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Remember when it was practically impossible to get your hands on toilet paper and hand sanitizer? That initial pandemic shopping panic may have subsided, but the supply chain issues that have plagued the world since March 2020 could last until 2023, experts say—a fact that could be driving inflation to rise at the fastest pace since 1982. And running shoes are not immune to this phenomenon.
“[Ongoing] supply chain issues, whether it’s factory closures over the summer and into early fall, transportation backlogs, and material and labor shortages, have made it so retailers—and their consumers—will truly see and feel the effects of these issues in the first quarter of 2022,” says Catherine Moloznik, vice president of purchasing at Fleet Feet.
Buy Now (or Set Price Alerts)
If you’re trying to snag a fresh pair of sneakers to kick off your 2022 training, now is the time to buy—or at least set up price alerts for specific shoes. “A few of our vendors have noted that the ‘dark days’ of inventory shortages will be felt from January through March, with inventory starting to replenish to a more ‘normal’ percentage starting in the second quarter,” says Moloznik. “It’s looking like things will start to move in a positive direction as early as April—but the production of new models will be pushed out and some vendors will not have their production calendar on the right side until 2023.”
All of these issues in getting inventory into stores caused shoe prices to increase 6.5 percent in September, Footwear News reported; that’s following a seven percent jump in June—the sharpest price hike in nearly 32 years.
That doesn’t mean you should pay a small fortune for what you put on your feet; you just have to be a little more strategic about what shoes you buy and when you buy them. New models that launch in January are considered part of spring/summer collections. Shopping the previous autumn/winter collection (typically released six months earlier) can save you an average of $19.26, an April 2021 data analysis by RunRepeat.com found. To save an average of 10 percent, RunRepeat.com advises, wait 106 days from launch to purchase.
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Load Up for the Shortage
What does this all mean for you? If you’re fixated on a specific type of shoes, buy two. If you run 20 miles a week and replace your shoes every 300 miles, one new pair will get you through April. But if that’s when supply is estimated to start looking more normal, it might still be hard to get the pair you want. “It’s a great idea to stock up,” says Moloznik. “In the event that your preferred shoe model does run into shortage issues, you’ll have yourself covered!”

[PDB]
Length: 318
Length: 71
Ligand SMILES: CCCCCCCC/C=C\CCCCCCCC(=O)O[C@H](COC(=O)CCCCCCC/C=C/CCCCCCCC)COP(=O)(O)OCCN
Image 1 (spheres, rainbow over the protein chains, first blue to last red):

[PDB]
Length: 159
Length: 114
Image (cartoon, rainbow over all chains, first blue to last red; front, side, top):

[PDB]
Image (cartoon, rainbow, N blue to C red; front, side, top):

Another reason to buy two at the same time? Alternating shoes can double the amount of time you get out of each of them. Most running shoes last between 300 and 500 miles, which equates to about four to six months for that 20-mile-per-week runner. If you’re switching things up every other run, you’ve suddenly gotten eight months to a year. Even better: Runners who switched between two different pairs of running shoes had a 39 percent lower risk of running injury than those who almost always ran in the same shoes, according to a 2013 study in the Scandinavian Journal of Medicine & Science in Sports.
Make Your Running Shoes Last Longer
There are certain other measures you can take to prolong your sneakers’ lifespan. For starters, “only wear them for what they were made for,” says Amie Dworecki, head coach of Running with Life in South Bend, Indiana. Translation: If they’re road shoes, wear them on the road. If they’re trail shoes, stick to the dirt. “And don’t wear your running shoes everywhere—like to the store, work, or running errands,” she adds. “These miles count, too!”
Running repeatedly in a pair of sneakers (especially in more inclement weather) can cause odors and mold to build up over time. An easy trick to make a pair of running shoes last longer is to take the insoles out of your shoes after you run, says Dworecki. “This helps the shoe air out and breathe, and dry more easily from sweat or a rainy day. Even just making sure to untie them (before removing them) can help with this.”
Whatever you do, don’t toss your running shoes in the washer or dryer. The tumbling motion of the washer can affect the structure of certain foams in the midsoles, and “high heat can change the shape of the shoe and cause them to die an early death,” says Dworecki. A better option is to remove the insoles, soak the shoes in a tub filled with detergent (brushing spots clean if necessary), then let them air dry.
And if you do find yourself in need of shoes in the midst of these impending “dark days” of inventory shortages, just remember to be nice to retailers.
“Being inconvenienced while shopping is never fun, but try to be as compassionate as possible,” says Moloznik. “Your local run shops have been through a lot with the pandemic, labor shortages, and now supply chain issues, and everyone is doing the best they can to help you find a solution that will work best for your running needs.”